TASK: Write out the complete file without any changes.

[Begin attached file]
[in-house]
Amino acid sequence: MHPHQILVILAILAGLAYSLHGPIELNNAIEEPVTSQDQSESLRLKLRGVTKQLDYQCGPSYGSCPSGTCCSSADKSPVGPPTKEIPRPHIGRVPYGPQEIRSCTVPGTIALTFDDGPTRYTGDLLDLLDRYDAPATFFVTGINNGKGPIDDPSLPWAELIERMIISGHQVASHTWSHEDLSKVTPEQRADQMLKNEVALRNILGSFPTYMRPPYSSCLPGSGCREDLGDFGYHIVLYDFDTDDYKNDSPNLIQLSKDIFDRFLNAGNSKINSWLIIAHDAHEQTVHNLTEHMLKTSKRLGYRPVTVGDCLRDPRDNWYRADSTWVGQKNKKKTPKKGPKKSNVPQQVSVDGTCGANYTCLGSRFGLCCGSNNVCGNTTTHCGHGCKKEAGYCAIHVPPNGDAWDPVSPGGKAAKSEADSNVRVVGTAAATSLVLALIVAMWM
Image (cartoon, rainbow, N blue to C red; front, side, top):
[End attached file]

[in-house]
Amino acid sequence: MHPHQILVILAILAGLAYSLHGPIELNNAIEEPVTSQDQSESLRLKLRGVTKQLDYQCGPSYGSCPSGTCCSSADKSPVGPPTKEIPRPHIGRVPYGPQEIRSCTVPGTIALTFDDGPTRYTGDLLDLLDRYDAPATFFVTGINNGKGPIDDPSLPWAELIERMIISGHQVASHTWSHEDLSKVTPEQRADQMLKNEVALRNILGSFPTYMRPPYSSCLPGSGCREDLGDFGYHIVLYDFDTDDYKNDSPNLIQLSKDIFDRFLNAGNSKINSWLIIAHDAHEQTVHNLTEHMLKTSKRLGYRPVTVGDCLRDPRDNWYRADSTWVGQKNKKKTPKKGPKKSNVPQQVSVDGTCGANYTCLGSRFGLCCGSNNVCGNTTTHCGHGCKKEAGYCAIHVPPNGDAWDPVSPGGKAAKSEADSNVRVVGTAAATSLVLALIVAMWM
Image (cartoon, rainbow, N blue to C red; front, side, top):